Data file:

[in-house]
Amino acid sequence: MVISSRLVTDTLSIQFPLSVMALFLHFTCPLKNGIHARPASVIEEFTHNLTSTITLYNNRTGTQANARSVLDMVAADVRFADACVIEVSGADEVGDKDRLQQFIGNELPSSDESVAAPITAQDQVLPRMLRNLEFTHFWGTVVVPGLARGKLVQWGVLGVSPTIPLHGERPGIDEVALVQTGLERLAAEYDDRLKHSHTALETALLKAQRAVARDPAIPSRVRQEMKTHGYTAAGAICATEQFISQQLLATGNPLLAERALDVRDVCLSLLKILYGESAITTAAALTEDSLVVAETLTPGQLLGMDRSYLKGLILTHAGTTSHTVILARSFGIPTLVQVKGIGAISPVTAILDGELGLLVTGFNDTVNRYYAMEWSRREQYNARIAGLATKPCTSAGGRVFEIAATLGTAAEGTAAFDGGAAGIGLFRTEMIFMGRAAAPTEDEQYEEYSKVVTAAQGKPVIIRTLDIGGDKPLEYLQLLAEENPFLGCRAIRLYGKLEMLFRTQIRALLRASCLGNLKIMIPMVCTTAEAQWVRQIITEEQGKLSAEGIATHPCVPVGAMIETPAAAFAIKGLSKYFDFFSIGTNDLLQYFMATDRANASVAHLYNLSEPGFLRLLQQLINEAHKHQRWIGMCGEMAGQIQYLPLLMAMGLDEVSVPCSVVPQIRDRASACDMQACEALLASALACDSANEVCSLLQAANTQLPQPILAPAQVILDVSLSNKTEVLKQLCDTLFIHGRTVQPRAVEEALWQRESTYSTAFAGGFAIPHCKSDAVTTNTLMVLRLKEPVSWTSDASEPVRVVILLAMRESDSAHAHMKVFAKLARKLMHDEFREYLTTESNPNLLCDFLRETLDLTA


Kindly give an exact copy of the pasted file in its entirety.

[in-house]
Amino acid sequence: MVISSRLVTDTLSIQFPLSVMALFLHFTCPLKNGIHARPASVIEEFTHNLTSTITLYNNRTGTQANARSVLDMVAADVRFADACVIEVSGADEVGDKDRLQQFIGNELPSSDESVAAPITAQDQVLPRMLRNLEFTHFWGTVVVPGLARGKLVQWGVLGVSPTIPLHGERPGIDEVALVQTGLERLAAEYDDRLKHSHTALETALLKAQRAVARDPAIPSRVRQEMKTHGYTAAGAICATEQFISQQLLATGNPLLAERALDVRDVCLSLLKILYGESAITTAAALTEDSLVVAETLTPGQLLGMDRSYLKGLILTHAGTTSHTVILARSFGIPTLVQVKGIGAISPVTAILDGELGLLVTGFNDTVNRYYAMEWSRREQYNARIAGLATKPCTSAGGRVFEIAATLGTAAEGTAAFDGGAAGIGLFRTEMIFMGRAAAPTEDEQYEEYSKVVTAAQGKPVIIRTLDIGGDKPLEYLQLLAEENPFLGCRAIRLYGKLEMLFRTQIRALLRASCLGNLKIMIPMVCTTAEAQWVRQIITEEQGKLSAEGIATHPCVPVGAMIETPAAAFAIKGLSKYFDFFSIGTNDLLQYFMATDRANASVAHLYNLSEPGFLRLLQQLINEAHKHQRWIGMCGEMAGQIQYLPLLMAMGLDEVSVPCSVVPQIRDRASACDMQACEALLASALACDSANEVCSLLQAANTQLPQPILAPAQVILDVSLSNKTEVLKQLCDTLFIHGRTVQPRAVEEALWQRESTYSTAFAGGFAIPHCKSDAVTTNTLMVLRLKEPVSWTSDASEPVRVVILLAMRESDSAHAHMKVFAKLARKLMHDEFREYLTTESNPNLLCDFLRETLDLTA